Jean-Baptiste Faure  

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Jean-Baptiste Faure (15 January, 1830 - 9 November, 1914) was a celebrated French operatic baritone and art collector of great significance. He also composed a number of classical songs, one of which, Les Rameaux (The Palms), is still famous in the English-speaking world.

Career

Faure was born in Moulins. A choirboy in his youth, he entered the Paris Conservatory in 1851 and made his operatic debut the following year at the Opéra-Comique, as Pygmalion in Victor Massé's Galathée. He remained at the Opéra-Comique for over seven years, creating the Marquis d'Erigny in Manon Lescaut (1856) and Hoël in Le Pardon de Ploërmel (1859), among seven premieres at that house.

He debuted at the Royal Opera House, Covent Garden, London, in 1860 as Hoël, and at the Paris Opéra in 1861. He would sing at the Paris Opera every season until 1869 and then again in 1872-76 and 1878. In addition, he continued to perform off and on in London until 1877 at venues such as Her Majesty's Theatre and the Theatre Royal, Drury Lane.

Among the many operas in which he appeared in Paris were Wolfgang Amadeus Mozart's Don Giovanni as well as Le Pardon de Ploërmel, L'Etoile du Nord, Les Huguenots and La Favorite.

He also made history by creating several important operatic roles written by such prominent composers as Giacomo Meyerbeer, Giuseppe Verdi and Ambroise Thomas. They included the leading baritone parts in L'Africaine, Don Carlos and Hamlet (in 1865, 1867 and 1868 respectively). His last stage appearances are recorded as taking place in Marseilles and Vichy in 1886.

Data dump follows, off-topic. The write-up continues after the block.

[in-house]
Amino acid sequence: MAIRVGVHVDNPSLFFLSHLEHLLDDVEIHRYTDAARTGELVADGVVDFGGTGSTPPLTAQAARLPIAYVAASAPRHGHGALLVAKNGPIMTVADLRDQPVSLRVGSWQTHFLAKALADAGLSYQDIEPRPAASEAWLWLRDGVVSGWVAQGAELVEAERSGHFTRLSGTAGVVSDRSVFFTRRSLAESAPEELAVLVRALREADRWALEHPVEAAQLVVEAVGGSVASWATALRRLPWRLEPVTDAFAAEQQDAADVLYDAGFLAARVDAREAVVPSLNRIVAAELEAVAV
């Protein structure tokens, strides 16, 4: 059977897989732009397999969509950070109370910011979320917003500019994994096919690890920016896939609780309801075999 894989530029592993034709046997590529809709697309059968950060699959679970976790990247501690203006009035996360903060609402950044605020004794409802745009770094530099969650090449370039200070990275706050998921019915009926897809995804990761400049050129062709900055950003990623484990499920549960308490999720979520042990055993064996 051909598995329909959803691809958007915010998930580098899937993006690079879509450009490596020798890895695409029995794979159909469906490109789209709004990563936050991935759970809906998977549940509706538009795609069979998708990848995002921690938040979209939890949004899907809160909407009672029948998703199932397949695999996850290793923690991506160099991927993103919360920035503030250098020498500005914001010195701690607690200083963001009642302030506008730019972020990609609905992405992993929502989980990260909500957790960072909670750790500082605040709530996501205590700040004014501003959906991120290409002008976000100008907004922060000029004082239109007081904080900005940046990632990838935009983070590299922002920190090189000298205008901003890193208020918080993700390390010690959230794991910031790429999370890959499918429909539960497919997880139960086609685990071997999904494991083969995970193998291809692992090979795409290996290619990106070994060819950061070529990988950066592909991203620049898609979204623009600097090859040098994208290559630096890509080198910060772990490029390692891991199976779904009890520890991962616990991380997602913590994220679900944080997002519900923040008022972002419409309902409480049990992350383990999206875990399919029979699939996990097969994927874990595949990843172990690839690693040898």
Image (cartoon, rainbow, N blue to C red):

Faure possessed a dark, smooth yet flexible baritone voice which he used with impeccable skill. He was a sophisticated interpretive artist, too, and all these accomplishments combined to make him one of the most significant figures to have appeared on the French musical stage during the 19th century. He wrote two books on singing, La Voix et le Chant (1886) and Aux Jeunes Chanteurs (1898) and also taught at the Paris Conservatory from 1857 to 1860.

In addition, Faure composed several enduring songs, including a "Sancta Maria" as well as Crucifix and, of course, Les Rameaux. (These latter two songs were recorded by the tenor Enrico Caruso, among others.)

An avid collector of impressionist art, Faure sat for multiple portraits by Édouard Manet and owned 67 canvases by that painter, including the masterpiece Le déjeuner sur l'herbe and the Fife Player. He also owned Le pont d'Argenteuil and 62 other works by Claude Monet. Part of his collection (which also contained paintings by Degas, Sisley, Pissaro, Ingres and Prud'hon) was kept at a villa near Étretat, whose famous cliffs he tried painting himself.

Faure died of natural causes in Paris in 1914, during the early months of World War One. According to his obituary in the New York Times, he had been made an officer of the Legion of Honour. He was married to the singer Constance Caroline Lefèbvre (1828-1905).

The greatest of Faure's French heirs were the lyric bass Pol Plançon (1851-1914), who modelled his vocal method directly on that of Faure, and Jean Lassalle (1847-1909), who took up Faure's mantle as principal baritone at the Paris Opera. Both Plançon and Lassalle made recordings in the early 1900s. Their cultivated performances on these acoustic discs and cylinders undoubtedly preserve echoes of Faure's singing style and technique.




Unless indicated otherwise, the text in this article is either based on Wikipedia article "Jean-Baptiste Faure" or another language Wikipedia page thereof used under the terms of the GNU Free Documentation License; or on original research by Jahsonic and friends. See Art and Popular Culture's copyright notice.

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